Lipoic acid is a potent antioxidant and has the ability to protect and repair age-induced mitochondrial DNA damage, thereby up-regulating mitochondrial function and improving energy production.17 Animal studies have shown that supplementation with lipoic acid has dramatic effects on improving age-related declines in mitochondrial function. Lipoic acid reverses the decline in oxygen consumption, increases mitochondrial membrane potential, decreases levels of ROS and markers of lipid peroxidation, increases ambulatory activity and improves the age-associated decline of memory, increases the levels of antioxidants, and restores the activity of key enzymes.18 Interestingly, numerous studies have shown that acetyl-L-carnitine in combination with lipoic acid increases cellular metabolism and lowers oxidative stress better than either compound alone.19

N-acetyl cysteine (NAC) is a precursor for glutathione, a potent antioxidant, and stimulates the enzymes involved in glutathione regeneration. NAC also exhibits antioxidant properties of its own, counteracting the effects of reactive ROS and protecting mitochondrial proteins from damage. NAC has been shown to prevent programmed cell death (apoptosis) in cultured nerve cells and increases activity of mitochondrial complex proteins.20-21 Additional studies have demonstrated that NAC supplementation decreased age-related memory loss, with decreased levels of oxidants in mice.22 Research also indicates that NAC supplementation directly improves mitochondrial energy production efficiency.23

Ribose is a five-carbon sugar used by all living cells and is an essential component for energy production. Ribose provides the necessary substrate for synthesis of nucleotides, which form major cellular components such as ATP. The availability of ribose determines the rate at which these nucleotides can be made by the cells. In one study, D-ribose was supplemented to patients with fibromyalgia and/or chronic fatigue syndrome at a dose of 5 grams three times daily. Compared to baseline, patients reported significant improvement in all five categories measured including energy, pain intensity, sleep, mental clarity, and well-being with D-ribose supplementation. In fact, 66 percent of patients reported significant improvement, with an average increase in energy of 45 percent, and an average improvement in overall well-being of 30 percent.24 Research also indicates that in muscle, ribose can accelerate ATP synthesis by up to 4.3-fold and increase energy salvage by up to 8-fold, which is important for muscle function and athletic performance.25 In addition, pre- and post-exercise supplementation with D-ribose decreases free radical formation.26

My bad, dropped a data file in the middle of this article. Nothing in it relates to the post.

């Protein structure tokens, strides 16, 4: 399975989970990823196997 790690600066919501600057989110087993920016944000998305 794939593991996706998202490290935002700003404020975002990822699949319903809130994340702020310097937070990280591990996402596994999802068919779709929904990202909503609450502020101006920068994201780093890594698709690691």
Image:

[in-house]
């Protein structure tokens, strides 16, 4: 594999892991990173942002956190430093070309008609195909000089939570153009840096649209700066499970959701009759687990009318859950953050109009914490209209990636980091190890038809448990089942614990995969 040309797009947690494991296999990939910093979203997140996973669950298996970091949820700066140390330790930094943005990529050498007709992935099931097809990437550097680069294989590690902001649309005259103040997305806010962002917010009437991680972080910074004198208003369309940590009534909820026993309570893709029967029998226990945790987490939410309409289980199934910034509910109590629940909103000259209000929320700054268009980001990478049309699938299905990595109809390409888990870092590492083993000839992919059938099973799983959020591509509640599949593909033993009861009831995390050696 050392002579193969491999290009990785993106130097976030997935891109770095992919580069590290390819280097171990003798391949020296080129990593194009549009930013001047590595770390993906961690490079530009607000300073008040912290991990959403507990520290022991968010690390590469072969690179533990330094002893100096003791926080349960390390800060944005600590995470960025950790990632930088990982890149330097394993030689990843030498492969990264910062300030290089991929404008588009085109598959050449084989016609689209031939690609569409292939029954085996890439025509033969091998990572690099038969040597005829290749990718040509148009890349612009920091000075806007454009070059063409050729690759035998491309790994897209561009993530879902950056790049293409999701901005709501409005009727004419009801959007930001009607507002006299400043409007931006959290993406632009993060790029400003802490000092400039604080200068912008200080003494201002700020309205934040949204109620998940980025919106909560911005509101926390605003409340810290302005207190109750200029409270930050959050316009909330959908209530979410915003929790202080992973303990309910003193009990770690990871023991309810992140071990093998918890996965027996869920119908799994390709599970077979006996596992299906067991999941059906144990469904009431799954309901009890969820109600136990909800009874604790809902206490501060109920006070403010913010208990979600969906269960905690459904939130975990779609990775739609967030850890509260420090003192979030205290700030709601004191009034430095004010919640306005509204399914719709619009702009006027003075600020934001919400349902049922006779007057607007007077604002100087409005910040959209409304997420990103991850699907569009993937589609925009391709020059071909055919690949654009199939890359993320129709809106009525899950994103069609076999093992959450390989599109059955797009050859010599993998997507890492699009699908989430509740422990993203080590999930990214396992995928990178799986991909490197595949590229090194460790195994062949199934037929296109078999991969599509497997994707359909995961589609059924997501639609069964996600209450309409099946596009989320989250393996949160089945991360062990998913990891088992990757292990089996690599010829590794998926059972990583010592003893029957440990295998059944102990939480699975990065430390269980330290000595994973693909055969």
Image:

Coenzyme Q10 (CoQ10) is a compound made by the body and primarily functions as an antioxidant, membrane stabilizer, and a cofactor in cellular respiration. CoQ10 is important in oxidative phosphorylation, and found in highest levels in the cells with the greatest energy demand, the heart and liver. CoQ10 decreases with age, which may contribute to age-related mitochondrial dysfunctions. In one study, researchers showed that in patients with chronic fatigue of unknown etiology for at least 6 months, 69 percent reported improvement with CoQ10 supplementation.27 CoQ10 has also been shown to alleviate fatigue, improve physical performance, and decrease the recovery period with fatigue-inducing physical activity.28

Another substance important for mitochondrial health is succinate (succinic acid), a citric acid cycle intermediate, in which succinate is converted to fumarate. Supplementation with succinate has shown benefit in patients with mitochondrial defects.29 Finally, EDTA can be used with all of the nutrients mentioned above to stabilize mitochondrial membranes.


Fatigue is a common complaint and presents with numerous medical conditions. However, optimizing mitochondrial function improves energy production, and may help alleviate fatigue. Nutrients such as L-carnitine, lipoic acid, N-acetyl-cysteine, succinate, and EDTA, combined with D-ribose and CoQ10 have all been shown to improve mitochondrial energy production.

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2. Kroenke K, Wood DR, Mangelsdorff AD, et al. Chronic fatigue in primary care. Prevalence, patient characteristics, and outcome. JAMA. 1988 Aug 19;260(7):929-34.

3. Bains W. Treating Chronic Fatigue states as a disease of the regulation of energy metabolism. Med Hypotheses. 2008 Oct;71(4):481-8.

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6. Cortopassi GA, Wong A. Mitochondria in organismal aging and degeneration. Biochim Biophys Acta. 1999 Feb 9;1410(2):183-93.

7. Fahn HJ, Wang LS, Hsieh RH, et al. Age-related 4,977 bp deletion in human lung mitochondrial DNA. Am J Respir Crit Care Med. 1996 Oct;154(4 Pt 1):1141-5.

8. Wei YH, Lee HC. Oxidative stress, mitochondrial DNA mutation, and impairment of antioxidant enzymes in aging. Exp Biol Med (Maywood). 2002 Oct;227(9):671-82.

9. Dirks AJ, Hofer T, Marzetti E, et al. Mitochondrial DNA mutations, energy metabolism and apoptosis in aging muscle. Ageing Res Rev. 2006 May;5(2):179-95.

10. Pieczenik SR, Neustadt J. Mitochondrial dysfunction and molecular pathways of disease. Exp Mol Pathol. 2007 Aug;83(1):84-92.

11. Behan WM, More IA, Behan PO. Mitochondrial abnormalities in the postviral fatigue syndrome. Acta Neuropathol. 1991;83(1):61-5.

12. Nicolson GL. Metabolic syndrome and mitochondrial function: molecular replacement and antioxidant supplements to prevent membrane peroxidation and restore mitochondrial function. J Cell Biochem. 2007 Apr 15;100(6):1352-69.

13. Nicolson GL, Conklin KA. Reversing mitochondrial dysfunction, fatigue and the adverse effects of chemotherapy of metastatic disease by molecular replacement therapy. Clin Exp Metastasis. 2008;25(2):161-9.

14. Plioplys AV, Plioplys S. Serum levels of carnitine in chronic fatigue syndrome: clinical correlates. Neuropsychobiology. 1995;32(3):132-8.

15. Kuratsune H, Yamaguti K, Takahashi M, et al. Acylcarnitine deficiency in chronic fatigue syndrome. Clin Infect Dis. 1994 Jan;18 Suppl 1:S62-7.